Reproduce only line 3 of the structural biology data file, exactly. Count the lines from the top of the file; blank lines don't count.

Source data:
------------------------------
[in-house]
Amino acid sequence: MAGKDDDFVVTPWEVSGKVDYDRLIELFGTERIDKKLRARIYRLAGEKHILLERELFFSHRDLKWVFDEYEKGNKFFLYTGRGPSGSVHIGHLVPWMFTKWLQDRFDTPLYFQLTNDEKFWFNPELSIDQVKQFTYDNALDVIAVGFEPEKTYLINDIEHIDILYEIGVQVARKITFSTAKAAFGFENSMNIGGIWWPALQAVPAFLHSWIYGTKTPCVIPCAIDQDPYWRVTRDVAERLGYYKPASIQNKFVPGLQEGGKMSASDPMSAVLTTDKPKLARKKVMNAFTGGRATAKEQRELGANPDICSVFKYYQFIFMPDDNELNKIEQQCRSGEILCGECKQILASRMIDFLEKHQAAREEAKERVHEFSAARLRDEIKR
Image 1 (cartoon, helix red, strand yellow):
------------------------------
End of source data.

Image 1 (cartoon, helix red, strand yellow):